Cyprus Mail

Labour and sex trafficking investigations drop

By Stefanos Evripidou

CYPRUS remains a source and destination country for men and women subjected to forced labour and sex trafficking, the US State Department said in its 2014 global trafficking report, released yesterday.

Despite efforts to meet minimum standards for the elimination of trafficking, the Cypriot government did not demonstrate an overall increase in those efforts compared to the previous reporting period, keeping Cyprus on the Tier 2 Watch List.

On the contrary, investigations into trafficking, prosecutions and convictions fell by more than half on all counts.

Victims of trafficking identified in Cyprus came from Europe, Asia and Africa, said the report, noting that women, primarily from eastern Europe, Vietnam, India, and sub-Saharan Africa, are subjected to sex trafficking.

The 2014 country report notes that sex trafficking occurs in private apartments and hotels, and within commercial sex trade outlets in Cyprus, including bars, pubs, coffee shops and cabarets.

“Some victims of sex trafficking were recruited with promises of marriage or employment as barmaids and hostesses in cafeterias,” said the report, adding that victims are often subjected to debt bondage, withholding of pay and documents, and threats against their families.

Foreign migrant workers—primarily Indian and Romanian nationals—are subjected to forced labour in agriculture. Last year, there was an increase in identified victims of labour trafficking from India, said the report, which painted a grim picture of the web of abuse inherent in the migrant work system.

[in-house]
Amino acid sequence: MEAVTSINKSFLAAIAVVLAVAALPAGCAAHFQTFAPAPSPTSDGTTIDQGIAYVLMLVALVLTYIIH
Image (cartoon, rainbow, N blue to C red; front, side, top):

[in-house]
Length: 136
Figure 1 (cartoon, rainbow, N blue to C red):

“Migrant workers subjected to labour trafficking are recruited by employment agencies and enter the country on short-term work permits, after which they are often subjected to debt bondage, threats, and withholding of pay and documents once the work permit expires.”

Asylum seekers from Southeast Asia, Africa, and Eastern Europe were also subjected to forced labour within construction, agriculture, and domestic work.

“Unaccompanied children, children of migrants, and asylum seekers remain especially vulnerable to sex trafficking and forced labour,” said the damning report.

The State Department concluded that the Cypriot government “does not fully comply with the minimum standards for the elimination of trafficking” though it is making “significant efforts” to do so.

The report highlighted a number of measures taken by the government: strengthening the legal framework for combating trafficking; adopting a new national action plan to combat trafficking; and expanding the anti-trafficking police unit to eight persons by adding a forensic psychologist, a psychologist, a criminologist and a social worker.

“Nevertheless, there was a significant decrease in all law enforcement efforts; investigations decreased by 68 per cent, prosecutions decreased by 70 per cent, and convictions by 55 per cent. The majority of offenders continued to be convicted under statutes that prescribe penalties less stringent than those prescribed by the anti-trafficking law. The government identified fewer victims of trafficking, and one victim was deported not in accordance with law,” said the report.

The report also covered the occupied areas: “The area administered by Turkish Cypriots continues to be a zone of impunity for human trafficking. The area is increasingly a destination for women from central Asia, eastern Europe, and Africa who are subjected to forced prostitution in night clubs that are licensed and regulated by Turkish Cypriots.”

It added: “Men and women are subjected to forced labour in industrial, construction, agriculture, domestic work, restaurant, and retail sectors. Victims of labour trafficking are controlled through debt bondage, threats of deportation, restriction of movement, and inhumane living and working conditions.”

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